Long wires are real macroscopic bodies, kilometers of superconducting wires are used at the LHC of CERN and the currents can be described by quantum mechanical equations.
Crystals also can be described by quantum mechanical equations, and can be quite large, maybe not as large as a table. Superfluids too are in the realm of macroscopic quantum mechanics.
The difference with a random object, like a table, is that the individual wave functions of the microcosm of molecules and atoms that compose them are incoherent with each other. Coherence means that all the phases of the probability wave functions of the ~10^23 molecules per mole composing them are lost statistically, in contrast with the examples of coherence above. That is why we use the density matrix to describe the behavior of such systems.
So the random bodies that surround us cannot be described by one wave function in the sense of a solution of one quantum mechanical equation, except when careful conditions are met as in the examples above.
Edit in response to comment:
"Coherence means that all ... " Could you please elaborate more on this, maybe with the help of math?
Any wave solution will have a constant angle phi as a phase with another wave solution.
These phases are what define interference and beat patterns in waves.Coherence means that the phases are known.
The square of the quantum mechanical wave solution is the probability to find the particle at that (x,y,z,t) and the interferences patterns when the phases are fixed are also probability functions.
And you say that superconducting wires are described by usual QM,
Not usual QM, it is a special solution within the quantum mechanical theory, from the link:
Since the discovery of superconductivity, great efforts have been devoted to finding out how and why it works. During the 1950s, theoretical condensed matter physicists arrived at a solid understanding of "conventional" superconductivity, through a pair of remarkable and important theories: the phenomenological Ginzburg-Landau theory (1950) and the microscopic BCS theory (1957). Generalizations of these theories form the basis for understanding the closely related phenomenon of superfluidity, because they fall into the Lambda transition universality class, but the extent to which similar generalizations can be applied to unconventional superconductors as well is still controversial. The four-dimensional extension of the Ginzburg-Landau theory, the Coleman-Weinberg model, is important in quantum field theory and cosmology. Superfluidity of helium and superconductivity both are macroscopic quantum phenomena.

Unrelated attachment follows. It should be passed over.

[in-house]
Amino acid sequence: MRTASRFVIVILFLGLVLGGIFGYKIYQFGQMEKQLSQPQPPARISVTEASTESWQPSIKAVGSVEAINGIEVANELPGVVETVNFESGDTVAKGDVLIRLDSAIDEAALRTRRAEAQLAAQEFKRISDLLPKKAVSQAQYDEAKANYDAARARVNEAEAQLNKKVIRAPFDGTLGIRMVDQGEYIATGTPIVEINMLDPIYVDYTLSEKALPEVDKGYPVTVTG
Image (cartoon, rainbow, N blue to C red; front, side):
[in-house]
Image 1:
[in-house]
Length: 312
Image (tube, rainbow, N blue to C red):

and the link has further references.
hence their wave functions belongs to a kind of tensor product of state spaces of constituting free atoms.
If you read up on superconductivity you will see that it is not what you assume.
from the link:
The theory describes superconductivity as a microscopic effect caused by a condensation of Cooper pairs into a boson-like state. The theory is also used in nuclear physics to describe the pairing interaction between nucleons in an atomic nucleus.
But what happens when the temperature rises?
the cooper pairs break up with higher temperatures and incoherence reigns.